The family has had to readjust their expectations of life and reassess their priorities. Nicky told us she tries to ensure the health and safety of the family, whilst still giving them a good time. Her grandson, who was born with the congenital form, has an amazing sense of humour. He rocks with laughter but due to muscle weakness, it doesn’t show in his face. His fun personality still comes through though, and he is a real show-stealer. Doctors originally told them that he would never speak, but he is very charming, never stops talking and has an amazing vocabulary, even if he does not fully understand all the words. Like many young children, he sometimes chooses the most embarrassing moment to try out what he has learned! 

Keeping it private

Nicky knows other families with myotonic dystrophy, but generally does not share information with them, as much of it is sensitive and specific to members of the family. She feels it is disloyal for her to discuss her family’s experience with others and she tries to respect their privacy.

We asked Nicky if she received enough information about myotonic dystrophy from healthcare professionals, or if she had to learn about the disease herself.

“We didn’t get enough information and some of the information we did get was incorrect, particularly in the light of current findings"

"Professionals are not always up to date with their information so we had to go and find out about it ourselves. There is a reluctance on the part of some professionals to acknowledge that is the situation, but others are anxious to learn and work in partnership with us”.

As myotonic dystrophy is inherited with a faulty gene from only one parent, it can affect a large number of people in a single family. As the only person in her family who does not have the condition, Nicky sometimes loses confidence in her own equilibrium and doubts her ability to manage family dynamics. “I fear for the present and for the future but I have nobody to share this with. Because there are so many people with the condition, it leaves the family very vulnerable. The kinds of long-term plans that you would usually make to help your family no longer apply”.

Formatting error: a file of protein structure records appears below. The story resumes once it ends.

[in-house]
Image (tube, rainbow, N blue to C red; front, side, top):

Lack of support

Nicky feels that she does not receive sufficient support in her role as a carer. The needs of people with myotonic dystrophy are highly complex and she is not sure who would be able to offer meaningful support.

Nicky has some positive advice for families who have just received a diagnosis of myotonic dystrophy or another rare disease.

“Continue to learn as much as you can. There is greater understanding now of rare diseases and a growing recognition that everybody has an entitlement to the best health and social care"

"Increasingly this is being recognised and boundaries and frontiers are being pushed. This makes it even more important that as somebody affected by the disease you take responsibility jointly with professionals to ensure you are aware of the most up to date clinical practice and current science available. Signing up to myotonic dystrophy registries and trials will help progress research which ultimately should result in improved care and hopefully a cure”.

How can Share4rare help families living with myotonic dystrophy?

We finally asked Nicky how Share4Rare could help families like hers. “Share4Rare offers advice and information on specific rare conditions. It also links together rare conditions, which do have aspects in common, but particularly it offers guidance on how to work together with professionals. It has the potential to unite individuals and families to enable them to share the emotional burden resulting from obtaining a rare disease diagnosis”.

The Share4Rare chapter on myotonic dystrophy is now available here.

Adult patients and carers living with myotonic dystrophy are eligible to participate in the upcoming Share4Rare neuromuscular pilot by registering for the Share4Rare platform. Register here to become part of the growing community.